(I've been pondering the notion of making this decision persistent, as a sort of implicit preference -- your choice this time becomes the default for next time. But I'm not actually sure that helps, and I suspect it *may* be worse all around...)

I think it depends on your dominant target market.

For the corporate world, or other situations where it's unlikely someone would want people to wander into their space, Private should be the uber-default.

For the social-media / hobby / enthusiast / casual-user world, Public should be the uber-default. You want people to be able to find cool things.

(...or maybe not. If Public is the uber-default, people will be able to explore a lot of half-baked not-yet-done spaces, which might make the interesting / quality ones harder to find.)

Either way, I think you definitely (a) want an explicit choice, and (b) want to explicitly tell the space creator that this is something they can change later.

I think there are more than just 'public' and 'private' models that you will want to have.

I'd go with a 4 setting model.

'Editable' being open to anyone to read and edit (wiki model),

'Open' being world readable and world comment-able (LJ).

'Public' being world readable but not comment-able. Basically, your average external website.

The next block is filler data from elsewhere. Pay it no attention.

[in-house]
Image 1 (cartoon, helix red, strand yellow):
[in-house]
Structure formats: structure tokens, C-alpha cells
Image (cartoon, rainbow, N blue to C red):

and

'Private' being not world readable (facebook).

I'd add side-setting for Open and Public for selecting between moderated and unmoderated comments .

Regardless, the default should be part of setting up a space and explicit.

'Editable' being open to anyone to read and edit (wiki model),

Not going to happen, sorry. Bitter experience has taught me that wide-open wikis are always a bad idea unless you have sufficiently massive scale to fight the wikispammers. (Eg, Wikipedia.) It is *possible* that I may soften my stance if there is sufficient outcry, but my current stake in the ground is that non-members *cannot* submit or comment without moderation, period.

Note the implication: in the medium term, non-member submissions will work almost exactly the same as non-member comments -- if the Space allows it at all, they will go to moderation. Moderation will be designed to be as easy as possible, but I am intentionally setting things up to encourage/require curation of your Space: the community is ultimately responsible for its content.

(Also, there will be whitelisting in the medium term. As far as I'm concerned, whitelisting is essentially a very low-privs and easy version of membership -- the moderation approval screen will have a checkbox for "Approve this person's comments/submissions in the future.")

'Open' being world readable and world comment-able (LJ).

'Public' being world readable but not comment-able. Basically, your average external website.


Possible, although I'm going to see how things play out. If there seems to be demand for this distinction, I might make "Non-members can comment" a checkbox under "Public" -- I think it may be clearer that way.

Somewhat tangential, but, I am fond of the message "You can change this decision later", especially when making sweeping decisions very early in a setup process.

Hmm -- good point. The same control will be available on the Sharing and Security page, but I hadn't thought about saying that explicitly...

  • 1